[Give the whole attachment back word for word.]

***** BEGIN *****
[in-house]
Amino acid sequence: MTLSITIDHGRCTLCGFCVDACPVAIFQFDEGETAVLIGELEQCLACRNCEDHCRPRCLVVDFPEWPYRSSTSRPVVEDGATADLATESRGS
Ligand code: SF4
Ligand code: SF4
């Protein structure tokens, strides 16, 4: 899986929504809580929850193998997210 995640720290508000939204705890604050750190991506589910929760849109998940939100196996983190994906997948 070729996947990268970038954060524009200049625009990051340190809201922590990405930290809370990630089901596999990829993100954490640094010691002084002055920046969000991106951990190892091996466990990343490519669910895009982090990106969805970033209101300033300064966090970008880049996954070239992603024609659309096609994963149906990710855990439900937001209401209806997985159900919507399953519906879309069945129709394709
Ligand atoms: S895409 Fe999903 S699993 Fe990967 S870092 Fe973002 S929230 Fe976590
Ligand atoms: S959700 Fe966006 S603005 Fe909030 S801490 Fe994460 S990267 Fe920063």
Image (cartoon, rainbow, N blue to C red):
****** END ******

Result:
[in-house]
Amino acid sequence: MTLSITIDHGRCTLCGFCVDACPVAIFQFDEGETAVLIGELEQCLACRNCEDHCRPRCLVVDFPEWPYRSSTSRPVVEDGATADLATESRGS
Ligand code: SF4
Ligand code: SF4
């Protein structure tokens, strides 16, 4: 899986929504809580929850193998997210 995640720290508000939204705890604050750190991506589910929760849109998940939100196996983190994906997948 070729996947990268970038954060524009200049625009990051340190809201922590990405930290809370990630089901596999990829993100954490640094010691002084002055920046969000991106951990190892091996466990990343490519669910895009982090990106969805970033209101300033300064966090970008880049996954070239992603024609659309096609994963149906990710855990439900937001209401209806997985159900919507399953519906879309069945129709394709
Ligand atoms: S895409 Fe999903 S699993 Fe990967 S870092 Fe973002 S929230 Fe976590
Ligand atoms: S959700 Fe966006 S603005 Fe909030 S801490 Fe994460 S990267 Fe920063």
Image (cartoon, rainbow, N blue to C red):